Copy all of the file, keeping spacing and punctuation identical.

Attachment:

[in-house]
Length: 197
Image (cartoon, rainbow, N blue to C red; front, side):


[in-house]
Length: 197
Image (cartoon, rainbow, N blue to C red; front, side):